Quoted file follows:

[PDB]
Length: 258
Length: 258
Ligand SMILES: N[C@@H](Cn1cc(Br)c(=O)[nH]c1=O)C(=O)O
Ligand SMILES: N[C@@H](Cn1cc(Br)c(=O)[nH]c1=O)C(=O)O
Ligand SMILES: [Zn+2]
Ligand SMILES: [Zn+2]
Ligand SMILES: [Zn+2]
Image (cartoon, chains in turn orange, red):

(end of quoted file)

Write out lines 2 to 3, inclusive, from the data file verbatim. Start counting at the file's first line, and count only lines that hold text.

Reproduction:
Length: 258
Length: 258